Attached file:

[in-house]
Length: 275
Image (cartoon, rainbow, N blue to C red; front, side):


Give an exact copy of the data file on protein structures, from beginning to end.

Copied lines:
[in-house]
Length: 275
Image (cartoon, rainbow, N blue to C red; front, side):